24-year-old Jess Prinsloo was ecstatic when Craig McKinnon proposed to her on a vacation trip to South Africa. But her life was cut short just four days later when she used the wrong spoon to stir her tea, triggering a fatal anaphylactic reaction.
Jess, diagnosed with a milk allergy when she was just nine months old, was thought to have been exposed to milk after she stirred her tea. Seconds after exposure, she suffered anaphylaxis.
Craig was awakened by Jess’ brother who told him she was in distress and he found her in the bathroom struggling to breathe. She had already administered an auto-injector, but it was not enough to halt the progression of anaphylaxis. She was rushed to the hospital where she died the next day — New Year’s Day — despite doctors’ best efforts.
Craig recalled many close calls Jess had as a result of her milk allergy. She had told him that when she was 18, she needed to be resuscitated after eating curry that contained milk.
Another time, she ordered a vegan dessert which shouldn’t have had dairy and she needed antihistamines, an EpiPen and a hospital trip. I haven’t eaten dairy for about three years because it just wasn’t worth the risk.
When recalling their trip, Craig said:
Lots of her family live in South Africa and she hadn’t been back in six years, so I knew there was no better place to propose.
My voice cracked as I got down on one knee and asked, ‘Will you marry me?’ She said, ‘Oh my God’ and started crying before she said yes.
The look on her face… it meant everything.
The couple celebrated over the next few days before heading to Jess’ mother’s house in Johannesburg on December 30. It was there she suffered the exposure that took her life.
Craig arrived back in the UK last Monday with Jess’ ashes and thousands of dollars in hospital bills, funeral costs, and coroner’s fees. His mother and Jess’ brother have launched a Go Fund Me page to help pay the bills.
We send our deepest condolences to Craig and the Prinsloo family who, instead of celebrating a joyous engagement, are now coping with the incomprehensible loss of their loved one. They and Jess are in our thoughts.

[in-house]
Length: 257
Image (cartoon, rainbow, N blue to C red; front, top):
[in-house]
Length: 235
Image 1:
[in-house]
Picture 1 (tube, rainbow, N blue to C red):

Food allergy is an insidious disease where the mere trace of an allergen — in this case, a spoon used to stir tea with milk — can trigger anaphylaxis, a severe, life-threatening allergic reaction.
This is the second report of fatal anaphylaxis in less than a week, the first involving the untimely death of young Emerson Kate Cole.
From the report, Jess did what she was supposed to: she carried and administered her epinephrine — the only drug that can halt and reverse the progression of anaphylaxis. But the dose was apparently not sufficient or administered early enough to save her. It is not known whether she was able to administer a second auto-injector.
We urge everyone who has been prescribed epinephrine to always take two auto-injectors along everywhere, every time, and to administer the first as soon as you suspect anaphylaxis. Epinephrine is generally well-tolerated and the risk of taking the drug unnecessarily is far outweighed by the risk of using it too late during an anaphylactic emergency.
Please visit our Epinephrine 101 page where you’ll find instructional videos showing how to administer each brand of auto-injector sold in the US. Educate your family, friends, and coworkers on how to recognize the symptoms of anaphylaxis and show them where to find and how to administer your device so that you build a network of people who can help you if you are unable to help yourself.
Please be vigilant. We must do everything we can to stop this trend of tragedies now.